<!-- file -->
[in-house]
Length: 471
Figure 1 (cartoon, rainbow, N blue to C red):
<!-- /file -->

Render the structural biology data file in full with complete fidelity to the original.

[in-house]
Length: 471
Figure 1 (cartoon, rainbow, N blue to C red):